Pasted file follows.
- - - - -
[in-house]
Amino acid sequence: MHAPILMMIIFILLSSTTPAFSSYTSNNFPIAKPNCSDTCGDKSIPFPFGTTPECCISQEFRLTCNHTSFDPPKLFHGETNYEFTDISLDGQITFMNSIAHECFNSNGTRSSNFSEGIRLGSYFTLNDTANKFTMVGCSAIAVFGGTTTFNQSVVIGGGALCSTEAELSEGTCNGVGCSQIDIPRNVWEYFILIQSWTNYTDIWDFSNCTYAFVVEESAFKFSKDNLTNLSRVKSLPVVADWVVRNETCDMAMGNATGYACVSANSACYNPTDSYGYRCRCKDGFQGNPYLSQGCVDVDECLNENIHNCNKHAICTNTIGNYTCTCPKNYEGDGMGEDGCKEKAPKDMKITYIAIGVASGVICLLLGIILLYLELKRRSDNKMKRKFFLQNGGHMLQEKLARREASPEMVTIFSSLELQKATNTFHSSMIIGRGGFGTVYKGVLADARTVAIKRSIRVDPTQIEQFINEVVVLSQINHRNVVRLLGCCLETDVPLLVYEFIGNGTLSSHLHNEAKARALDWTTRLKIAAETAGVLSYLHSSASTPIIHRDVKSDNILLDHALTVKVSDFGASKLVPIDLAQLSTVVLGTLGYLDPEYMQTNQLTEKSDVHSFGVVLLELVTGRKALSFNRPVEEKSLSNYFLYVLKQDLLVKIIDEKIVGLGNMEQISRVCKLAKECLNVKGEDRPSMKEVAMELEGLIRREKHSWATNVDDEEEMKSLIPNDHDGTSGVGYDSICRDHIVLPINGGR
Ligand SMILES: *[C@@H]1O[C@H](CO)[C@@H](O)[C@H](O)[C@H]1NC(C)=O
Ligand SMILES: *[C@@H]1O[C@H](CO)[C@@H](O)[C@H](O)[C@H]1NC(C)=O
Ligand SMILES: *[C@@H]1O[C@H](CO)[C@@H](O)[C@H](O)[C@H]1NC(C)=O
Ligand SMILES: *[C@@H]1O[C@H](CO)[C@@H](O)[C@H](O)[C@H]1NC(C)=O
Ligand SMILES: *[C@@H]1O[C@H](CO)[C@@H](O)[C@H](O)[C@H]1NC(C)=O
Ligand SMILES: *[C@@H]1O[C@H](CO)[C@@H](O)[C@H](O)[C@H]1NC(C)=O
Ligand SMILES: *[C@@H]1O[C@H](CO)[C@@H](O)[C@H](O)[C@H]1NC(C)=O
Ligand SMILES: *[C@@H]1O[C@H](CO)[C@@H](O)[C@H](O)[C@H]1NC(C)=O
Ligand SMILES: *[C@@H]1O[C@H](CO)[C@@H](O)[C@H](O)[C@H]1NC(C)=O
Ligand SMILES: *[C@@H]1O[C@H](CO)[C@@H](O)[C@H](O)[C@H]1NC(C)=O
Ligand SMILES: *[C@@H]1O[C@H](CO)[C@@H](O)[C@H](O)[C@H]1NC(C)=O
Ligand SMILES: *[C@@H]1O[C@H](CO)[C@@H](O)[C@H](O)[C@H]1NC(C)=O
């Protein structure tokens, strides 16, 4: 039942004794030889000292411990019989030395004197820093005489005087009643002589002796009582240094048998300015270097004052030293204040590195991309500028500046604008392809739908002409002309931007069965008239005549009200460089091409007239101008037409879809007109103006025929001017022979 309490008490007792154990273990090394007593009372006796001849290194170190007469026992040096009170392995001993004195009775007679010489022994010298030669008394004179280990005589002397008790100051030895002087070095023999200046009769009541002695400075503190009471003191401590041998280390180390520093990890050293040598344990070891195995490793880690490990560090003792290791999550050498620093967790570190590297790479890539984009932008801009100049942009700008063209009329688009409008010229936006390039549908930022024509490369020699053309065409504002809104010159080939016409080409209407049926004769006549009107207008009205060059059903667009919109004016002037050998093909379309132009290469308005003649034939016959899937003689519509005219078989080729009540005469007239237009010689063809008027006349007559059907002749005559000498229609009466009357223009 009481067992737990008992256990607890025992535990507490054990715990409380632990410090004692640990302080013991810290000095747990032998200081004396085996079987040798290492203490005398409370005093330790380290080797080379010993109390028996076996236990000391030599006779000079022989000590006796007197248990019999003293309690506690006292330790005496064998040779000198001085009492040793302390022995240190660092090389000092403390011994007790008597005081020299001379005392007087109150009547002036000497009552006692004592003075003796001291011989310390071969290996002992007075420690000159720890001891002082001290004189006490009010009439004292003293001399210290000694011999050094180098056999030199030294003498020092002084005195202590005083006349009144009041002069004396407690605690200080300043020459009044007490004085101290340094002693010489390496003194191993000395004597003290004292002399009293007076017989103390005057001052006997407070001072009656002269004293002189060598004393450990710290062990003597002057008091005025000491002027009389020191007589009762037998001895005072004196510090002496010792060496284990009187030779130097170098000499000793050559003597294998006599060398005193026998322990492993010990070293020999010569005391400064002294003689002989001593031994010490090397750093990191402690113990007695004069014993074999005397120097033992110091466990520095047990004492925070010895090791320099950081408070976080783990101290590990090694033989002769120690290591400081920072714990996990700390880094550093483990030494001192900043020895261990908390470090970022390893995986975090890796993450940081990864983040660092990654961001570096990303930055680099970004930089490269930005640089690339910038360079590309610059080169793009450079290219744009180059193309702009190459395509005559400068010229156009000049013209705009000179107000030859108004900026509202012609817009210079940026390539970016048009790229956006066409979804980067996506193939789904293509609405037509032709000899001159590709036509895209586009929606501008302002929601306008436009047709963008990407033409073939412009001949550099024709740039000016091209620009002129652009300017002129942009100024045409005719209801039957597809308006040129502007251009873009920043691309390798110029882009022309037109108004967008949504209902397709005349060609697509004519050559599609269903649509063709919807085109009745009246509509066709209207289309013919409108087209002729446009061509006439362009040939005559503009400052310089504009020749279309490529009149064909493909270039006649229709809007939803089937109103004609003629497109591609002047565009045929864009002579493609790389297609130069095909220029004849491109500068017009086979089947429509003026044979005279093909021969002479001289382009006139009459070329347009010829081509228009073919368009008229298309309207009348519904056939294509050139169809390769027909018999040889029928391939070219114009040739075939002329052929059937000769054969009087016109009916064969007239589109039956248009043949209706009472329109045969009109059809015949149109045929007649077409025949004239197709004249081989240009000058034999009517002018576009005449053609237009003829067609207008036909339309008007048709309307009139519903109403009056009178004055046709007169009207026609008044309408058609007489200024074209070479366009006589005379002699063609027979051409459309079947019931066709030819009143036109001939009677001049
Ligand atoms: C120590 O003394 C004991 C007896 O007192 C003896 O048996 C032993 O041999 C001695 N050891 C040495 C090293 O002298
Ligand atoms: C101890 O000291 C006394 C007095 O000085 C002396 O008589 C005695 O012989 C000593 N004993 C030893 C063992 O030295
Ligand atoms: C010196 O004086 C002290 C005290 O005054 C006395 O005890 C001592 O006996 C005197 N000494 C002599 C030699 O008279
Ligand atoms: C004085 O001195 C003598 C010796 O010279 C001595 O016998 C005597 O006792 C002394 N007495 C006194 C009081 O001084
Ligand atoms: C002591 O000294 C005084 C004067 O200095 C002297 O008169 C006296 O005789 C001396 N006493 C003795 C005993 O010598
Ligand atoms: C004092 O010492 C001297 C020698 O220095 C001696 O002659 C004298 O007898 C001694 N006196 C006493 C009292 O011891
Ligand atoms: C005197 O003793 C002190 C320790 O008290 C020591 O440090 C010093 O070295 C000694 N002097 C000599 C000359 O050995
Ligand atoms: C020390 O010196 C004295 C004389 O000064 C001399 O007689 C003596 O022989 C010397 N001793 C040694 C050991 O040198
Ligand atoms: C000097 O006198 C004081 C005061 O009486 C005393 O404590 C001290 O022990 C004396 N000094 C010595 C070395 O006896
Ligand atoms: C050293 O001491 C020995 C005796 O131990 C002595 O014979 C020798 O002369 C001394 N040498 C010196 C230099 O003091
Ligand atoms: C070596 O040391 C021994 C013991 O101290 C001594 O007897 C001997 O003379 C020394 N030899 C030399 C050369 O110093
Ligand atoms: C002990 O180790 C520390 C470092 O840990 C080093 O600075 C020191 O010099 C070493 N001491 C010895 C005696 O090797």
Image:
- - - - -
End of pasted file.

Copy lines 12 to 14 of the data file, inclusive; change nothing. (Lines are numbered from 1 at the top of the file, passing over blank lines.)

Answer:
Ligand SMILES: *[C@@H]1O[C@H](CO)[C@@H](O)[C@H](O)[C@H]1NC(C)=O
Ligand SMILES: *[C@@H]1O[C@H](CO)[C@@H](O)[C@H](O)[C@H]1NC(C)=O
Ligand SMILES: *[C@@H]1O[C@H](CO)[C@@H](O)[C@H](O)[C@H]1NC(C)=O